I just updated my personal website for the first time in a while, to reflect my dope new job at schoolhouse.world. While doing so, I decided to checkout random commits in the repository to see how the website has changed over time. This was surprisingly fun and nostalgic, so naturally, I wrote up a script to visualize the changes.
First, I iterated through every commit in the repo, opened the
index.html page using Selenium, took a screenshot, and saved it as a PNG. I had to wait three seconds between page loads because my website has a few animations.
import git import time import os import shutil from selenium import webdriver REPO_DIR = '/Users/akshay/Documents/random/akshayravikumar.github.io' SCREENSHOT_DIR_NAME = "screenshots" FILE_PATH = '/index.html' repo = git.Repo(REPO_DIR) driver = webdriver.Chrome() if os.path.exists(SCREENSHOT_DIR_NAME): shutil.rmtree(SCREENSHOT_DIR_NAME) os.mkdir(SCREENSHOT_DIR_NAME) index = 0 for commit in repo.iter_commits(rev='master'): repo.git.checkout(commit) driver.get("file://" + REPO_DIR + FILE_PATH) time.sleep(3) driver.get_screenshot_as_file(SCREENSHOT_DIR_NAME + "/" + str(index).zfill(3) + ".png") index += 1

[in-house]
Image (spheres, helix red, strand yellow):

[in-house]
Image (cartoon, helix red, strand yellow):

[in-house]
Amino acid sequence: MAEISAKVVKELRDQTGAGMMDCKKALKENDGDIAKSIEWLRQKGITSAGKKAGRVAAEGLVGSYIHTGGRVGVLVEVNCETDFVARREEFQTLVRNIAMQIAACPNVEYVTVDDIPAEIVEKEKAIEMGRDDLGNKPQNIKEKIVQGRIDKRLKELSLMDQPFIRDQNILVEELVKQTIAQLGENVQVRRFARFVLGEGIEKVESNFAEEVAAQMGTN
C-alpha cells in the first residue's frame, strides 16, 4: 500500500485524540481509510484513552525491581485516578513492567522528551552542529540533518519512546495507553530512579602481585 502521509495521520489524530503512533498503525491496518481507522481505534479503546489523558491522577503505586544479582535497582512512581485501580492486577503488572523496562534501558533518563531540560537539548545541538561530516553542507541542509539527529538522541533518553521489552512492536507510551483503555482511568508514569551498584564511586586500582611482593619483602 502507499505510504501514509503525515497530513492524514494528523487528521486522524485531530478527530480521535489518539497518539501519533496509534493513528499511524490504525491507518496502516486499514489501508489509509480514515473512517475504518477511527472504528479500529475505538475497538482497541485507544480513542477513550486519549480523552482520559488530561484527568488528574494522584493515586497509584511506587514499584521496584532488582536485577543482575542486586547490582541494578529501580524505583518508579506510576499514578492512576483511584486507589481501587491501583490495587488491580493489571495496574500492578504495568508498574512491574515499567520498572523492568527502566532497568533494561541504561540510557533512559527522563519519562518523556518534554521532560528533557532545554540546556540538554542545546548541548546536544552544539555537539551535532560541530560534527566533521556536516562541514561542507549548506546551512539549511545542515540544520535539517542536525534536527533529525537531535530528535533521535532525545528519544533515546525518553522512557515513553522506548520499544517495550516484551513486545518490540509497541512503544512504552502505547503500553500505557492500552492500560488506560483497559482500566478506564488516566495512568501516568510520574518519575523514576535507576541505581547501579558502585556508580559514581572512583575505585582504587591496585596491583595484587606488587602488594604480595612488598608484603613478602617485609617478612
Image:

There were ~260 commits, so this took 13 minutes. After that, I used
ffmpeg to string the PNGs together into a video.
ffmpeg -framerate 10 -pattern_type glob -i 'screenshots/*.png' -vf reverse -pix_fmt yuv420p -c:v libx264 out.mp4
And here’s the end result!
My personal website is a tiny piece of who I am, and it evolves along with me. While the code changes aren’t drastic, they document transformations in my age, appearance, maturity, aesthetic, career, and programming skill over the last seven years. I can only imagine what it’ll look like seven years from now.Share